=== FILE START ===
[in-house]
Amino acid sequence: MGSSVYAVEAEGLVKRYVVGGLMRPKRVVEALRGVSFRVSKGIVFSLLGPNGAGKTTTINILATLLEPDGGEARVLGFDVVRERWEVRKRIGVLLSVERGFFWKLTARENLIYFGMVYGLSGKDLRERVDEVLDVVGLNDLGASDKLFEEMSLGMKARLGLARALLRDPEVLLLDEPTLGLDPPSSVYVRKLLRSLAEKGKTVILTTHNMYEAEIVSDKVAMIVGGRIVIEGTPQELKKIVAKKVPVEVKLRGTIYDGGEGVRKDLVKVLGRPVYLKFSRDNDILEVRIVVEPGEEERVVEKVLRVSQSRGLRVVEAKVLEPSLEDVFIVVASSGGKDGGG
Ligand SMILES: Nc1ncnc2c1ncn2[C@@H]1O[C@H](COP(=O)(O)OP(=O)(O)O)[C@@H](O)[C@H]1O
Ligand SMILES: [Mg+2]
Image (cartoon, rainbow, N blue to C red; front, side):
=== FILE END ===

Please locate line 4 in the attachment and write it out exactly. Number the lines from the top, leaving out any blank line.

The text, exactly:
Ligand SMILES: [Mg+2]